I didn't have a big expensive ceremony filled with people I don't know or like. We invited our friends from college (we were in college at the time) and our extended families. And we didn't spend buckets of money on the ceremony. I think we spent less than two thousand dollars on the wedding. That sounds like a lot, but everything adds up when you talk about renting tuxes, buying dresses, ordering two cakes and other snack-ish foods, ordering invitations, flowers, etc.... We had both the ceremony and the reception in my wife's church, which cost us nothing to use. We also took marriage counseling with her pastor so we got a discount on the marriage certificate.
We had our honeymoon at a bed and breakfast in a small town off the beach in northern California, which we got to by flying Southwest Airlines (who are inexpensive) to Oakland and renting a car to drive there from the airport.
If anything, I think we spent more money on our rings than we did on the wedding and honeymoon combined. But, part of the reason for that is because my wife wanted hypoallergenic metal, which gold is not, so we got her a platinum ring. I also got a platinum ring so that the color would match. For the record, my ring has no diamonds. Guys don't need diamonds.
The reason why marriage is important is because it says that "I'm committed to you. Only you. I love you and I want to make a promise to you in front of the whole world how much you mean to me; a promise that I'll keep forever." My wedding ring is a sign of love and commitment to me. It's something I cherish greatly, not a ball and chain.
Without that promise, there's nothing to guarantee that we won't be together when it's not convenient. And, despite what you might say, children benefit from having a loving mother and father. Teaching them what a loving relationship should be like is important.  Yes, having loving same-sex parents who are gay is probably better than abusive parents who are straight. But I see that being a positive point to a gay couple who adopts a child rather than a child whose birth parents simply never got married or else divorced after which one parent found a gay partner. In that case, said child still craves that relationship with the other birth parent which they don't primarily live with, and they don't understand why their mom and dad aren't still together. Oftentimes, they even blame themselves for it.[/edit]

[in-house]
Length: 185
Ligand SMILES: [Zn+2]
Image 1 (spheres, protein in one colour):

Also, the word "husband" sounds way better than "baby daddy."
I've been single, living on my own with a job while not in school. It's lonely. My parents were lucky enough to meet in high school and get married in college when they were only 20, so my dad has never experienced the single life, really. One day my dad asked me "I'm curious, what do single people do? I've never really been so I'd just like to know." I thought about it and replied, "single people spend most of their time trying to find a way not to be single anymore."
Casual sex is hollow. There's no emotional investment in it. Emotional investment is important, as we humans are emotional creatures. We want people to care about us. Relationships are important to us. As far as I can see it, casual sex is just a futile attempt to fill in that hole in one's life where they want to feel loved, but there's no emotional connection, so the feelings one has in the end are hollow and sad.
This is why "waiting for sex until after marriage" is good for a relationship. You learn what it is to be close friends with this person and to spend time with them, having fun together, without dealing with the deep feelings that come from having sex. Sex really does change the aspect of a relationship, and having it shouldn't be taken lightly.
Marriage is important. Sex is also good, but it's far more beneficial to have it with someone whom you love and whom you know loves you and you know won't leave you after having it.
Originally Posted by Hayden
If you dtont have anything to say doont sa y anthing at all
Last edited by Chyron8472; 11/15/2012 at 06:29 am.